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The top of the hillock which the tribe was climbing was studded with boulders, some so big that they overhung both sides of the hill. The rank scent of feeding bison was borne over the hill and down the side by a shifting wind.

Hawk, the Chief Spear-Maker, licked his lips. Though the tribe had seen much game in the past few days, most of it had been either too agile or too fierce for the hunters to attack. Even the mammoths had learned that only in numbers lay safety from human hunters, and aside from occasional small game the tribe had seen nothing except herds of big, dangerous beasts. It was suicide to attack a herd of mammoths, even with fire, for one such animal was capable of engaging every hunter in the tribe. But the giant bison were a different matter.

Hawk licked his lips again. In eight days they had eaten only seeds and wild fruit which the women had gathered, and one doddering old camel that had been about to fall from old age when the hunters overtook it. Seeds and fruit were all right when nothing else was to be had, but a wandering tribe needed red meat to maintain its strength.

As they drew nearer the top, the smell of the giant bison became stronger. It was a herd of more than two hundred animals, and had not yet taken alarm. That was good, for not in four seasons had the tribe run across a herd of bison as big as this one. If they were successful in the hunt, there would be all the meat they could eat, and much left for the scavenging wild dogs, dire wolves, and saber-tooth tigers that always gathered wherever game was killed.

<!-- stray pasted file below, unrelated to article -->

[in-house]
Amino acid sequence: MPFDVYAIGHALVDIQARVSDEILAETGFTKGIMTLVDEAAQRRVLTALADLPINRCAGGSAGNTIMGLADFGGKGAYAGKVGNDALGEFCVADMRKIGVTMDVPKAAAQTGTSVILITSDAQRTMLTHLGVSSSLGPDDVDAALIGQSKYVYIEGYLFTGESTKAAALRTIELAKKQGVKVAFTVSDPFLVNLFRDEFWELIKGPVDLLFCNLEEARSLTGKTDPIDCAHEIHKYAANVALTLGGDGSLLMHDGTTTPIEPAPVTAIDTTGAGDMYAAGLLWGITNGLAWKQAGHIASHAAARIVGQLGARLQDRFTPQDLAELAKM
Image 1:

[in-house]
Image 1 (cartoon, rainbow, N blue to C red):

Wolf, the Chief Hunter, remembered and spoke of the time when such herds had been fairly common. Tribal legend recalled when the earth had trembled to the pounding hooves of countless giant bison, but that was no more. Hawk had never wondered why.

Like all the rest, he was ruled by simple tribal laws and taboos, which were the accumulated wisdom of generations. It was tribal law that Hawk should be Chief Spear-Maker, because he was the most skilled in the methods and rites of spear-making. Similarly, the tribe must have a Chief Fire-Maker who thoroughly understood the magical properties of fire, their greatest protection. Aside from the Chief Fire-Maker and the Chief Spear-Maker, the rest of the men were, most of the time, hunters, for the demand for food was never-ending. And all food, whether meat brought in by the hunters or seeds or berries gathered by the women, must be shared, no matter who had found it. When the tribe was in danger, everyone, women and children included, helped defend it. Most important of all, the tribe must always live and travel as a group; one human alone was at the mercy of wild beasts.

Other than that there were few laws, but these few were inflexible. The tribe was a unit, and every member must contribute his share. If anyone failed, all might die.

Hawk paused a moment, and glanced backward to take mental tally of the women and girl children. The boy sons of hunters, armed with spears and clubs to fit their size, were at their fathers’ heels, up ahead. But, as Chief Spear-Maker, Hawk’s place was not with the hunters. It was with the women and children, and he did not like it.

For a second his eyes dwelt on Willow, daughter of Wolf, and his face lightened. Willow was lithe and swift, and already skilled in basket-making and a knowledge of seeds, roots, and fruits. The only reason she had not yet been taken by a hunter of another tribe lay in the fact that not in two moons had they met another tribe. All were scattered, desperately seeking the fast-disappearing giant bison.